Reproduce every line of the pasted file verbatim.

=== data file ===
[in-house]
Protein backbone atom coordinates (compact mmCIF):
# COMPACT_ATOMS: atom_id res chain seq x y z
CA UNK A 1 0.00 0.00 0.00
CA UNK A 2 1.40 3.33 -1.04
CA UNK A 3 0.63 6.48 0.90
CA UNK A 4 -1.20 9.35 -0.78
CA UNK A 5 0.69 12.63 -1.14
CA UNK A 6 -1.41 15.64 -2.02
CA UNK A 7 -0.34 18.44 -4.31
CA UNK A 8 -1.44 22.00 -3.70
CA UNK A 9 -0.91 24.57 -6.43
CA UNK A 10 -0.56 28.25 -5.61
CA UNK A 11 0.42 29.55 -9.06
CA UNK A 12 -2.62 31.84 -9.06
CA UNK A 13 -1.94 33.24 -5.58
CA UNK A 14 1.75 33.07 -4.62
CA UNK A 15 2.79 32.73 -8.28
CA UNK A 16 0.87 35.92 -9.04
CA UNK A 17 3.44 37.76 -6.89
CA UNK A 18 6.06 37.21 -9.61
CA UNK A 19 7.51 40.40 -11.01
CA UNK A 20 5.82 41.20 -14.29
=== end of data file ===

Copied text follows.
[in-house]
Protein backbone atom coordinates (compact mmCIF):
# COMPACT_ATOMS: atom_id res chain seq x y z
CA UNK A 1 0.00 0.00 0.00
CA UNK A 2 1.40 3.33 -1.04
CA UNK A 3 0.63 6.48 0.90
CA UNK A 4 -1.20 9.35 -0.78
CA UNK A 5 0.69 12.63 -1.14
CA UNK A 6 -1.41 15.64 -2.02
CA UNK A 7 -0.34 18.44 -4.31
CA UNK A 8 -1.44 22.00 -3.70
CA UNK A 9 -0.91 24.57 -6.43
CA UNK A 10 -0.56 28.25 -5.61
CA UNK A 11 0.42 29.55 -9.06
CA UNK A 12 -2.62 31.84 -9.06
CA UNK A 13 -1.94 33.24 -5.58
CA UNK A 14 1.75 33.07 -4.62
CA UNK A 15 2.79 32.73 -8.28
CA UNK A 16 0.87 35.92 -9.04
CA UNK A 17 3.44 37.76 -6.89
CA UNK A 18 6.06 37.21 -9.61
CA UNK A 19 7.51 40.40 -11.01
CA UNK A 20 5.82 41.20 -14.29